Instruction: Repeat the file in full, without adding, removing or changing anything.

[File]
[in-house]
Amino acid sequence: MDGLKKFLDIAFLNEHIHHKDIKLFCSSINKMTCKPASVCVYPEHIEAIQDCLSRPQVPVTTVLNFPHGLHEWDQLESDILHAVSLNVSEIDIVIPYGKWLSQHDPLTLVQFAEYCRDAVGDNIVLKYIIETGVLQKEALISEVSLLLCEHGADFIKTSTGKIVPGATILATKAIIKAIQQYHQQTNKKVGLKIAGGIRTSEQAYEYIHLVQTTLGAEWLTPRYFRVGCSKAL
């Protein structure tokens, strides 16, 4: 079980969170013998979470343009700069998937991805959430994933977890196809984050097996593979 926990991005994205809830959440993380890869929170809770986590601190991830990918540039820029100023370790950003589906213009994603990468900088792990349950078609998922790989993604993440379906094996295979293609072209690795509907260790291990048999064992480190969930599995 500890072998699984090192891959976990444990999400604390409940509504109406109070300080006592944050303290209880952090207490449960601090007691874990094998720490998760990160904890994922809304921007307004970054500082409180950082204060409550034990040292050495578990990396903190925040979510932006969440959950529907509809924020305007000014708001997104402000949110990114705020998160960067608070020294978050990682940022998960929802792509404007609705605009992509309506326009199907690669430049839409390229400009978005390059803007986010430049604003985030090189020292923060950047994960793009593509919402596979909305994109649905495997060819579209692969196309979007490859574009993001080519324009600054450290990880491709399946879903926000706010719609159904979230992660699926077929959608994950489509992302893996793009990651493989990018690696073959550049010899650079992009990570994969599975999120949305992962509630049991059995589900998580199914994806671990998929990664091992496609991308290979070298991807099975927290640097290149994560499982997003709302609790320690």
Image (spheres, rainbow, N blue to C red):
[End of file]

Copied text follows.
[in-house]
Amino acid sequence: MDGLKKFLDIAFLNEHIHHKDIKLFCSSINKMTCKPASVCVYPEHIEAIQDCLSRPQVPVTTVLNFPHGLHEWDQLESDILHAVSLNVSEIDIVIPYGKWLSQHDPLTLVQFAEYCRDAVGDNIVLKYIIETGVLQKEALISEVSLLLCEHGADFIKTSTGKIVPGATILATKAIIKAIQQYHQQTNKKVGLKIAGGIRTSEQAYEYIHLVQTTLGAEWLTPRYFRVGCSKAL
């Protein structure tokens, strides 16, 4: 079980969170013998979470343009700069998937991805959430994933977890196809984050097996593979 926990991005994205809830959440993380890869929170809770986590601190991830990918540039820029100023370790950003589906213009994603990468900088792990349950078609998922790989993604993440379906094996295979293609072209690795509907260790291990048999064992480190969930599995 500890072998699984090192891959976990444990999400604390409940509504109406109070300080006592944050303290209880952090207490449960601090007691874990094998720490998760990160904890994922809304921007307004970054500082409180950082204060409550034990040292050495578990990396903190925040979510932006969440959950529907509809924020305007000014708001997104402000949110990114705020998160960067608070020294978050990682940022998960929802792509404007609705605009992509309506326009199907690669430049839409390229400009978005390059803007986010430049604003985030090189020292923060950047994960793009593509919402596979909305994109649905495997060819579209692969196309979007490859574009993001080519324009600054450290990880491709399946879903926000706010719609159904979230992660699926077929959608994950489509992302893996793009990651493989990018690696073959550049010899650079992009990570994969599975999120949305992962509630049991059995589900998580199914994806671990998929990664091992496609991308290979070298991807099975927290640097290149994560499982997003709302609790320690």
Image (spheres, rainbow, N blue to C red):